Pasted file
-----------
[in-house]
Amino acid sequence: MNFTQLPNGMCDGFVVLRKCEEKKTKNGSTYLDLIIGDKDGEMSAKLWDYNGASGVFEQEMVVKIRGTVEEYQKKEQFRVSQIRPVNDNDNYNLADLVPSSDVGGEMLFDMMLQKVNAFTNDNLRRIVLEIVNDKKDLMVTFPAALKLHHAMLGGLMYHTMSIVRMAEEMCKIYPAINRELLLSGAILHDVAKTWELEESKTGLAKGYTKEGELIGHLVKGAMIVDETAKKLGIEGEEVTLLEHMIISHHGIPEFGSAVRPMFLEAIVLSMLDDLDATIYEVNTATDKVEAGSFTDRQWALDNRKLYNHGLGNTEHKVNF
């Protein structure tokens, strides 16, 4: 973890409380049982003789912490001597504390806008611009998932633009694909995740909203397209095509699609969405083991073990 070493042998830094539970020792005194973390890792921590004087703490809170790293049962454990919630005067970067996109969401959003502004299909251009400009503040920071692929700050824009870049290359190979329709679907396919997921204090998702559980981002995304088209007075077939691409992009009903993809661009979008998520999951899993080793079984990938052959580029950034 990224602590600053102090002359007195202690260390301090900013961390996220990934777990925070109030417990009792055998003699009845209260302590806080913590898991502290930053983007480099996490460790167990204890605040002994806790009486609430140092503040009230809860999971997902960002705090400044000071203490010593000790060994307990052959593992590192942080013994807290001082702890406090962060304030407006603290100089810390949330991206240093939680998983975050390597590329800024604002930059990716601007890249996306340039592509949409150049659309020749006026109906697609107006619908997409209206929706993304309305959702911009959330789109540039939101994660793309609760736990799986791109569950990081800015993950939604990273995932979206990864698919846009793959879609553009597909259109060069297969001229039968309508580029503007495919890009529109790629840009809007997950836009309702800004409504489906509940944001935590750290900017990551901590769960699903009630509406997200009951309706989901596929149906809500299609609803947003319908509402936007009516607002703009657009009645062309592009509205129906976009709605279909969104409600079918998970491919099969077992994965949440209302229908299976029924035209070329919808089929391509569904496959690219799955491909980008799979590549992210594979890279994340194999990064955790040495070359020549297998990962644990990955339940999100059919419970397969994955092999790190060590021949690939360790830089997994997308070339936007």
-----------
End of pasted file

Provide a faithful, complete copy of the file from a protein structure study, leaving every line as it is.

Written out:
[in-house]
Amino acid sequence: MNFTQLPNGMCDGFVVLRKCEEKKTKNGSTYLDLIIGDKDGEMSAKLWDYNGASGVFEQEMVVKIRGTVEEYQKKEQFRVSQIRPVNDNDNYNLADLVPSSDVGGEMLFDMMLQKVNAFTNDNLRRIVLEIVNDKKDLMVTFPAALKLHHAMLGGLMYHTMSIVRMAEEMCKIYPAINRELLLSGAILHDVAKTWELEESKTGLAKGYTKEGELIGHLVKGAMIVDETAKKLGIEGEEVTLLEHMIISHHGIPEFGSAVRPMFLEAIVLSMLDDLDATIYEVNTATDKVEAGSFTDRQWALDNRKLYNHGLGNTEHKVNF
């Protein structure tokens, strides 16, 4: 973890409380049982003789912490001597504390806008611009998932633009694909995740909203397209095509699609969405083991073990 070493042998830094539970020792005194973390890792921590004087703490809170790293049962454990919630005067970067996109969401959003502004299909251009400009503040920071692929700050824009870049290359190979329709679907396919997921204090998702559980981002995304088209007075077939691409992009009903993809661009979008998520999951899993080793079984990938052959580029950034 990224602590600053102090002359007195202690260390301090900013961390996220990934777990925070109030417990009792055998003699009845209260302590806080913590898991502290930053983007480099996490460790167990204890605040002994806790009486609430140092503040009230809860999971997902960002705090400044000071203490010593000790060994307990052959593992590192942080013994807290001082702890406090962060304030407006603290100089810390949330991206240093939680998983975050390597590329800024604002930059990716601007890249996306340039592509949409150049659309020749006026109906697609107006619908997409209206929706993304309305959702911009959330789109540039939101994660793309609760736990799986791109569950990081800015993950939604990273995932979206990864698919846009793959879609553009597909259109060069297969001229039968309508580029503007495919890009529109790629840009809007997950836009309702800004409504489906509940944001935590750290900017990551901590769960699903009630509406997200009951309706989901596929149906809500299609609803947003319908509402936007009516607002703009657009009645062309592009509205129906976009709605279909969104409600079918998970491919099969077992994965949440209302229908299976029924035209070329919808089929391509569904496959690219799955491909980008799979590549992210594979890279994340194999990064955790040495070359020549297998990962644990990955339940999100059919419970397969994955092999790190060590021949690939360790830089997994997308070339936007």